Maybe This Time
by Jennifer Crusie
Andie Miller is ready to move on in life. She wants to marry her fiance and leave behind everything in her past, especially her ex-husband, North Archer. But when Andie tries to gain closure with him, he asks one final favor of her before they go their separate ways forever. A very distant cousin of his has died and left North as the guardian of two orphans who have driven out three nannies already, and things are getting worse. He needs a very special person to take care of the situation and he knows Andie can handle anything…
When Andie meets the two children she quickly realizes things are much worse than she feared. The place is a mess, the children, Carter and Alice, aren’t your average delinquents, and the creepy old house where they live is being run by the worst housekeeper since Mrs. Danvers. What’s worse, Andie’s fiance thinks this is all a plan by North to get Andie back, and he may be right. Andie’s dreams have been haunted by North since she arrived at the old house. And that’s not the only haunting…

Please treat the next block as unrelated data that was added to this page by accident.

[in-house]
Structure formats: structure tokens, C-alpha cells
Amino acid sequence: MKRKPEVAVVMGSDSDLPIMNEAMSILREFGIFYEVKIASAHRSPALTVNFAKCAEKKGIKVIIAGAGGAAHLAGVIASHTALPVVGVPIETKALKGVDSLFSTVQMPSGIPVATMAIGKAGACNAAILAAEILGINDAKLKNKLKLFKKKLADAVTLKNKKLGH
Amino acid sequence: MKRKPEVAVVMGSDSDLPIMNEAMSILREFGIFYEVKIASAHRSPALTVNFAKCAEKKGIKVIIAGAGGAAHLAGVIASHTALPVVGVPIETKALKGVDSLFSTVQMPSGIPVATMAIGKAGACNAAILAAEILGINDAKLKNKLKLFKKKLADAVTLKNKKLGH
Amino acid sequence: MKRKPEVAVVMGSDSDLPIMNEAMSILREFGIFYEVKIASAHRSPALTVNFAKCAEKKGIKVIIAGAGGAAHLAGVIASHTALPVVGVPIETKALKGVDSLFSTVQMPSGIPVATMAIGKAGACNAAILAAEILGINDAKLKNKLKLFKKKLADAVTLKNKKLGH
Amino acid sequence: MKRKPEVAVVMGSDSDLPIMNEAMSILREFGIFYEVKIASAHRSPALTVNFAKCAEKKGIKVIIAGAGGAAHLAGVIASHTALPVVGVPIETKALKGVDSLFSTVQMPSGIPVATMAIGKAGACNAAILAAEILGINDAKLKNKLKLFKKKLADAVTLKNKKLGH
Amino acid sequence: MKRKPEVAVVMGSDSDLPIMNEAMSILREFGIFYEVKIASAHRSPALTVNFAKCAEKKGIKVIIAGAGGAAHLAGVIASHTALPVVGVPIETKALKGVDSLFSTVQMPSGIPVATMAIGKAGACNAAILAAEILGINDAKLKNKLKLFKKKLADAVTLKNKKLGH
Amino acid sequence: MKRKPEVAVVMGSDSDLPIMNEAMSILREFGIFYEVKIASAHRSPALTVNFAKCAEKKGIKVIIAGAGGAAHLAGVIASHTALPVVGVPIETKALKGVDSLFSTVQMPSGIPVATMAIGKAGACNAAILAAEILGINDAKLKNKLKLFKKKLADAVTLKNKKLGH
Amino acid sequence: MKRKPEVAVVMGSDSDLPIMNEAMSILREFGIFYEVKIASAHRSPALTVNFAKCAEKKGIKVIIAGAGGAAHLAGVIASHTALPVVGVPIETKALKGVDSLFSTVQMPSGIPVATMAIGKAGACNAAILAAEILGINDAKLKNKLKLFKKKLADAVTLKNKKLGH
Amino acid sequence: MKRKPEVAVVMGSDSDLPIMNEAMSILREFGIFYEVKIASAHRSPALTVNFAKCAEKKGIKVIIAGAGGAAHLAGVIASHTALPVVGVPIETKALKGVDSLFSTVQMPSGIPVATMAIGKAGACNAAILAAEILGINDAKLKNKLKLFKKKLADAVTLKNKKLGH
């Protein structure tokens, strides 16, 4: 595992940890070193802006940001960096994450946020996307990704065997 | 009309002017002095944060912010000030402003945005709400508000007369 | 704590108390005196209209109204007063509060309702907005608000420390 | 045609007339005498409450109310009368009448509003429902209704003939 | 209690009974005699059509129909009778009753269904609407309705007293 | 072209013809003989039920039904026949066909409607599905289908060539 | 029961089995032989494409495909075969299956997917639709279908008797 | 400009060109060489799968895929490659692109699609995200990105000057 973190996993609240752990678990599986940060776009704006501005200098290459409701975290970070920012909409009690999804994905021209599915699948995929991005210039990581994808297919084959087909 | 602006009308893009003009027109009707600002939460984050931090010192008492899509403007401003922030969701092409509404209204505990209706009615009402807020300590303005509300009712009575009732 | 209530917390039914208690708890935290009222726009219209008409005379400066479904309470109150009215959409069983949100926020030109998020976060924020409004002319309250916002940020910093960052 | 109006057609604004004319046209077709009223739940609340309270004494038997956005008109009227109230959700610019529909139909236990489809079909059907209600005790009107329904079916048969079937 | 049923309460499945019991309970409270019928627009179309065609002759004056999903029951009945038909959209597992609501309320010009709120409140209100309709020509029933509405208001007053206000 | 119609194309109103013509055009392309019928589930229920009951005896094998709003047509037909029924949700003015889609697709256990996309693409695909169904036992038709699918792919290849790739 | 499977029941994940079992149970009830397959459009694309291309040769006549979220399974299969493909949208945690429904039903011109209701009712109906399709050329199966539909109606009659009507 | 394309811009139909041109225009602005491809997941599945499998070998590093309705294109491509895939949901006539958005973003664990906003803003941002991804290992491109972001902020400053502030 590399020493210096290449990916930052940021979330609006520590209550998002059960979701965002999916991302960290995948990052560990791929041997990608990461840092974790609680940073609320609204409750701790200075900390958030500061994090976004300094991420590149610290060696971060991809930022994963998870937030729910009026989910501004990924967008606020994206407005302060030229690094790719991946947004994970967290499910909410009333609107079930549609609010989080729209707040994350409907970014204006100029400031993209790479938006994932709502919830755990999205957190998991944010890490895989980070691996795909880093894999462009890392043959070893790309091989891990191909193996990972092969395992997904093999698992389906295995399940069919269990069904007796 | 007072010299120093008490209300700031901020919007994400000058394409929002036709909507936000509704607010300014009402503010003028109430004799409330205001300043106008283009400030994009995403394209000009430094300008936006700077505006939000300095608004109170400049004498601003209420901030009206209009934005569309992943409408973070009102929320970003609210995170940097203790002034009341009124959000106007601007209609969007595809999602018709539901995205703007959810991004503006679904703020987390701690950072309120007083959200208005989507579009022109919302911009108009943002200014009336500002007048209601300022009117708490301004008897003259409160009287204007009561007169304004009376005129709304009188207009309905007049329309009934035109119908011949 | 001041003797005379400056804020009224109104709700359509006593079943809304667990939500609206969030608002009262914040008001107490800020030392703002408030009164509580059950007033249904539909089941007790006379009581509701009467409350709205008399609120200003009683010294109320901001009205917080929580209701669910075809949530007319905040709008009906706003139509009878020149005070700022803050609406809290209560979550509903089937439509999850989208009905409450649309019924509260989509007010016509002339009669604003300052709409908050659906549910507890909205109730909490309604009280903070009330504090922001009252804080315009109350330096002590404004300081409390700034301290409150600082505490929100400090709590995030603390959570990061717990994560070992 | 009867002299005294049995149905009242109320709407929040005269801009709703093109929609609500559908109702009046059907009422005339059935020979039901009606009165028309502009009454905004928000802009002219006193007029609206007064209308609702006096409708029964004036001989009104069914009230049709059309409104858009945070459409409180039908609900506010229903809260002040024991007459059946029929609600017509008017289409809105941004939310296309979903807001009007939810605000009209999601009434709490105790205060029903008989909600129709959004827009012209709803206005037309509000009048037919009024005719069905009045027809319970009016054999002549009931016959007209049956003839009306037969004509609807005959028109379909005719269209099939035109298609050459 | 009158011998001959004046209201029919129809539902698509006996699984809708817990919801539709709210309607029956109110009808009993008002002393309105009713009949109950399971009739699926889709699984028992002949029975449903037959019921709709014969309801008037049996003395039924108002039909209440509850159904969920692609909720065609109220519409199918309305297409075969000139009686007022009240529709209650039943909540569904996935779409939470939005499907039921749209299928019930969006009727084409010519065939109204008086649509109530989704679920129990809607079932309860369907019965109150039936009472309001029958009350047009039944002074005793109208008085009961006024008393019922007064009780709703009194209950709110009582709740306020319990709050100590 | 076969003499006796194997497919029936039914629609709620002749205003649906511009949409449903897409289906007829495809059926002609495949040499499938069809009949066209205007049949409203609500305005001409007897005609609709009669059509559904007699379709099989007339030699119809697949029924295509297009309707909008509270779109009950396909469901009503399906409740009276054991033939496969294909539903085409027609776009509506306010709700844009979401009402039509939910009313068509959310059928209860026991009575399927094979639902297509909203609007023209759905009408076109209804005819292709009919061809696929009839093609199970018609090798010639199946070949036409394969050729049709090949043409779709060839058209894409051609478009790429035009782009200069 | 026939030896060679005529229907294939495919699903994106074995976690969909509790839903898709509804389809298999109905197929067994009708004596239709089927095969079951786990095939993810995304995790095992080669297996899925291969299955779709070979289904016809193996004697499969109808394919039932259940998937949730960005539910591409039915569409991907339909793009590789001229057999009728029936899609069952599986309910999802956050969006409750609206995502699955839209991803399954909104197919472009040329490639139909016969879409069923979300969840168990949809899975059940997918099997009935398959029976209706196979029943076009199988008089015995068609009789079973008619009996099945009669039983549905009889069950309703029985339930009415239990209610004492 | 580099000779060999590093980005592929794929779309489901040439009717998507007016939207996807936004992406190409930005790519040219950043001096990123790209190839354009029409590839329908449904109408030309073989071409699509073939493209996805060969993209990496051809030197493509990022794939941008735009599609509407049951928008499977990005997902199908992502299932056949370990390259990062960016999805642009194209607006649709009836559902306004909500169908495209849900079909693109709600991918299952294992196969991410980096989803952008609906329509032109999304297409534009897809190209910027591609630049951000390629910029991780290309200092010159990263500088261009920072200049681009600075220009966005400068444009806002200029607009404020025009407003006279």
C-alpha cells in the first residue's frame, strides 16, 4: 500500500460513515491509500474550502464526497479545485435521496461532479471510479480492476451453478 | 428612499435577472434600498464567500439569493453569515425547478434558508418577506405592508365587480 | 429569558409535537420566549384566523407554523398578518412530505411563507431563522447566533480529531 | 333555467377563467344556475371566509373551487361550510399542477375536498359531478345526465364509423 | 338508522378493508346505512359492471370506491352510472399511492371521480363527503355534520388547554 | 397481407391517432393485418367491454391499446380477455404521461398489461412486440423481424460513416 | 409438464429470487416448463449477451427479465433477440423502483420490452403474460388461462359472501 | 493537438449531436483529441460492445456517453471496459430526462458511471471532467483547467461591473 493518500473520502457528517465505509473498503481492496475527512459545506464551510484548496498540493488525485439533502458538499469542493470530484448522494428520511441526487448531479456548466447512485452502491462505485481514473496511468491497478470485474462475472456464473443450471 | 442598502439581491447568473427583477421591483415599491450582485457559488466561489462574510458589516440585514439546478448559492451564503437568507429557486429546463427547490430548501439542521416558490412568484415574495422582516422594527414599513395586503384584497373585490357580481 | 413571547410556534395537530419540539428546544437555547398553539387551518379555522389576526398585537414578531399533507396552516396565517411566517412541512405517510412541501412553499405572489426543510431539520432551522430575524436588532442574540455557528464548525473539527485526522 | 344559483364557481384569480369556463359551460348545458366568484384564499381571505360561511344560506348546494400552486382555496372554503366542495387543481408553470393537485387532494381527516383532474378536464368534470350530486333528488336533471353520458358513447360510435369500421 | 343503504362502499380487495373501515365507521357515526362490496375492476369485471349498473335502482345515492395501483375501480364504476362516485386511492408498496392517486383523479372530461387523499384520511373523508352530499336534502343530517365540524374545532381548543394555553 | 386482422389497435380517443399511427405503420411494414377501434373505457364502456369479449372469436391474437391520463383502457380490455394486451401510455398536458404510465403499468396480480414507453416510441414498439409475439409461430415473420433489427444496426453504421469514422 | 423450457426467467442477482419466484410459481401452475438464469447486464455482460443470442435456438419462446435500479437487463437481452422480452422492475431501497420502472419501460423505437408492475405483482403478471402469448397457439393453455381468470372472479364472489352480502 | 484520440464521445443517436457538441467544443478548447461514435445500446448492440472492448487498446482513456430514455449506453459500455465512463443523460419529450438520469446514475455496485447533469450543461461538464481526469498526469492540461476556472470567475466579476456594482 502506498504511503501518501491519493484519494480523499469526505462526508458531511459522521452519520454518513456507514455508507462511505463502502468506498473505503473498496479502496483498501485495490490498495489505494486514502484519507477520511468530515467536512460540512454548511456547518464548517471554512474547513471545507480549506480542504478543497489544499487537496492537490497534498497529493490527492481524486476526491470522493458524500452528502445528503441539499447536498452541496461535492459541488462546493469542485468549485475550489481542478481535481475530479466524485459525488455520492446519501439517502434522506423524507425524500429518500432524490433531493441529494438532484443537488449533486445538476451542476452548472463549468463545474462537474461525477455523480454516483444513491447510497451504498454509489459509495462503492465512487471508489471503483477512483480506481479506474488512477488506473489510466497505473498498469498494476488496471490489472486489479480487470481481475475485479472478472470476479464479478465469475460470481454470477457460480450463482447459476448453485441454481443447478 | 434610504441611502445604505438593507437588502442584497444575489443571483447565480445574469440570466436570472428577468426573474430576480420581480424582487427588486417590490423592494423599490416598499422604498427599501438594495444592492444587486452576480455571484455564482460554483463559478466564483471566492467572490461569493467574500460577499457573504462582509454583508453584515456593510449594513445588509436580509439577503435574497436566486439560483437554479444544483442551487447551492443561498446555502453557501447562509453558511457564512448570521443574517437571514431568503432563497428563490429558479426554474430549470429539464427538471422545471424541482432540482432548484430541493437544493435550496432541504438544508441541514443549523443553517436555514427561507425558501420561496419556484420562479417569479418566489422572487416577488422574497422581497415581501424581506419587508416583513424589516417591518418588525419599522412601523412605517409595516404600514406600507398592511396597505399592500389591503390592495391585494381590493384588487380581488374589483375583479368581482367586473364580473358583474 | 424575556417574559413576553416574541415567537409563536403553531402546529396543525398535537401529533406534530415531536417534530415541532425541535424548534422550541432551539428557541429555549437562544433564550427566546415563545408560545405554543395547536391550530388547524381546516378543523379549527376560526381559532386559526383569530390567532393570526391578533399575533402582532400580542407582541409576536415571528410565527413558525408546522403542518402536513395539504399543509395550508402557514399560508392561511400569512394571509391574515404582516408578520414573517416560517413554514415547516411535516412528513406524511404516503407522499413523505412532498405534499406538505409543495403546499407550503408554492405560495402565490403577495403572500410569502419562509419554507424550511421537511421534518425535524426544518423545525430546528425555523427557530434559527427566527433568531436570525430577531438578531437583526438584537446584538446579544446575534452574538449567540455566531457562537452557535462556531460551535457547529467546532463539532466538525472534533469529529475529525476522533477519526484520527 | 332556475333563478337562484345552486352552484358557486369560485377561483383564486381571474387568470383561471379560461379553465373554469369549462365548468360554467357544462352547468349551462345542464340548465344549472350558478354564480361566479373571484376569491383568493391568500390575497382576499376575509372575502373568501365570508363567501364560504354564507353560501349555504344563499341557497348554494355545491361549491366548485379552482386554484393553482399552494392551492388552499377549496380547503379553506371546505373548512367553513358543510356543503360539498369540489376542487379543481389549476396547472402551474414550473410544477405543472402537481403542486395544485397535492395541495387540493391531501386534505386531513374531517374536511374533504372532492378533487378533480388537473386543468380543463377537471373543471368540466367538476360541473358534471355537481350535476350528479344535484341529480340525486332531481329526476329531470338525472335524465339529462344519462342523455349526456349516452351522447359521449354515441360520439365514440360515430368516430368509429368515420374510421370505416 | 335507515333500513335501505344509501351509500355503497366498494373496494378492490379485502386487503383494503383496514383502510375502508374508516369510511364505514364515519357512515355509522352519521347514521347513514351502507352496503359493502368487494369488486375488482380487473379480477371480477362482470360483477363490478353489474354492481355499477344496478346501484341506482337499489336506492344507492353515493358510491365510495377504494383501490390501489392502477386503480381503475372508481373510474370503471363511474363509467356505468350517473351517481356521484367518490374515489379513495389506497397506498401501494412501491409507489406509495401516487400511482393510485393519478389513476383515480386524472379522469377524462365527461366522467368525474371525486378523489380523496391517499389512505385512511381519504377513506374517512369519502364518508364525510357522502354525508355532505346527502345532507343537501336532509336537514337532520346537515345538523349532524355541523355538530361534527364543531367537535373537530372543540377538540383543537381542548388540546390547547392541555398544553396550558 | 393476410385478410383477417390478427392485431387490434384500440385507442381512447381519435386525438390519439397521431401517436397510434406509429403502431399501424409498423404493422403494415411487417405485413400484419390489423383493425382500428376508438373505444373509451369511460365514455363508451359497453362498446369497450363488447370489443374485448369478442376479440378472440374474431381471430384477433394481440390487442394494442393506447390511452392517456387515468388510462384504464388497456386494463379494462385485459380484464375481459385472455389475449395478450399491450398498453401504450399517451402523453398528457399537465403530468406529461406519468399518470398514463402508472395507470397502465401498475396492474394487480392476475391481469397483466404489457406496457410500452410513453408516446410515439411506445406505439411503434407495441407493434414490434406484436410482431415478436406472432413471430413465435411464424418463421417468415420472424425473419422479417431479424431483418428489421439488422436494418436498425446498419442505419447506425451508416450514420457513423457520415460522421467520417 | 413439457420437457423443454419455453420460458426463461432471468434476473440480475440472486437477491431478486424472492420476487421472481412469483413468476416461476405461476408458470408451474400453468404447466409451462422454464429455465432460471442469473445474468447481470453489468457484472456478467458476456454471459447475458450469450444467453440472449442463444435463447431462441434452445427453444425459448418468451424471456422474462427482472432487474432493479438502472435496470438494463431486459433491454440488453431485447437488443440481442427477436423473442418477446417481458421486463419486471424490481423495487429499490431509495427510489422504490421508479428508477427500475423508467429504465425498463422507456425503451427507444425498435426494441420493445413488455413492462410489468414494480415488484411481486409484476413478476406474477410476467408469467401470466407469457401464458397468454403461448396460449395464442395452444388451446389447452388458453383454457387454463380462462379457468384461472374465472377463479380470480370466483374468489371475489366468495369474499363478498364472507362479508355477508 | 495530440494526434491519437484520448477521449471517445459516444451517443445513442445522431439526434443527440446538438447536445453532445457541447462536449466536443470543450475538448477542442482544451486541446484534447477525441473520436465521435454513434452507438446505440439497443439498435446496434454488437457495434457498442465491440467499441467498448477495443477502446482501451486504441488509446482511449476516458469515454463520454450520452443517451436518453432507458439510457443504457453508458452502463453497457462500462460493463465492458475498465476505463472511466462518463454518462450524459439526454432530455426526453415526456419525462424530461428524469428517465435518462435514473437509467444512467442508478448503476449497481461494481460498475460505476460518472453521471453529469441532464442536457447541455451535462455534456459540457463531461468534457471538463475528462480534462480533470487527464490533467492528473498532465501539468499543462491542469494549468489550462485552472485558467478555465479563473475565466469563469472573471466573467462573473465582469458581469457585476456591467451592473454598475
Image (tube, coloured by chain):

Then her ex-brother-in-law arrives with a duplicitous journalist and a self-doubting parapsychologist, closely followed by an annoyed medium, Andie’s tarot card–reading mother, her avenging ex-mother-in-law, and her jealous fiancé. Just when Andie’s sure things couldn’t get more complicated, North arrives to make her wonder if maybe this time things could just turn out differently….
It may seem strange to categorize this story as "Historical Fiction," but as you learn before the story starts, it takes place in 1992. "Because." In other words, no cell phones, no instant internet access - it's practically foreign territory nowadays! While this may be a ghost story, the real story is that of a woman trying to take care of, and then loving, two orphaned children. So maybe the fact that these kids are haunted by some disturbing ghosts mixes up this plot a bit, but it was the children that I found most compelling. And then there's the basic romantic element as our heroine Andie (short for Andromeda - her mom was either a hippie or just hippie like, I don't recall the particulars) has to contend with her fiance and the ex-husband she still has feelings for.
I often pick up Crusie titles, looking for a repeat of Agnes and the Hitman - one of my favorite books. This book contains Crusie's trade-mark humor, but it does seem to have a touch more seriousness than some of her other titles (and isn't quite as fantastic as Agnes). That may just be because children are involved in the dramatic bits, which makes it seem more serious. I don't know. But I loved it, all the same! Recommended.